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Govt starts putting tags on endangered Olive Ridley turtles in Odisha

Tagging of Olive Ridley turtles has resumed to keep tab on the movement of the creatures

The tagging of the endangered Olive Ridley turtles has started again at the Rushikulya rookery in Odisha to enable scientists to chart their movements and also know the areas they visit in order to protect the species and their habitats.

The tagging exercise was undertaken at three mass nesting areas of the Olive Ridley turtle – Devi river mouth, Rushikulya and Gahirmatha. On Wednesday, the Zoological Survey of India (ZSI) did the exercise in association with the Odisha Forest and Environment Department and 22 turtles – 11 males and 11 females were tagged.

The tags made of metal are non-corrosive and don’t harm the body of the creature and can be removed any time. Numbered uniquely, it has details including the organisation’s name, country-code and email address. Dr. Anil Mohapatra sharing the details with The Hindu said: “If researchers in other countries come across the tagged turtles, they would email their location in longitude and latitude to us. It would help us know their location. There is an established network working on turtles.”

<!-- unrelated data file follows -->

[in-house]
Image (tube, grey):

Highlighting the benefits of the tagging, Mohapatra stated: “We are studying the path taken by turtles in the sea, if they keep coming to one nesting site for laying eggs, and the number of sites they visit over the years. Besides, the growth of turtles could be measured during the current study. The study would also reveal the inter-rookery movement of turtles in Odisha. The migration pattern to other countries would be recorded in detail.”

The Olive Ridley are the second smallest species and most abundant of all sea turtles in the world. They are found in warm and tropical waters, primarily in the Pacific and Indian Oceans.

The tagging exercise had been earlier done in Odisha in January 2021 after a span of about 25 years and 1,556 turtles had been tagged.

Also read: Odisha to impose 7-month fishing ban to protect Olive Ridley turtles